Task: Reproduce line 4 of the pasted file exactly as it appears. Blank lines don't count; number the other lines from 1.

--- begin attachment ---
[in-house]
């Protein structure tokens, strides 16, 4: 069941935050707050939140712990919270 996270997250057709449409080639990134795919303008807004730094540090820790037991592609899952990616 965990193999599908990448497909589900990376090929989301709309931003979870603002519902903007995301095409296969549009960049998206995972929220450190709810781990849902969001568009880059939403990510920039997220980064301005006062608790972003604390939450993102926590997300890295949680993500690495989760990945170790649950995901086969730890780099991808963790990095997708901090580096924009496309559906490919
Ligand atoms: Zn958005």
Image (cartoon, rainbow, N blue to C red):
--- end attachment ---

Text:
Image (cartoon, rainbow, N blue to C red):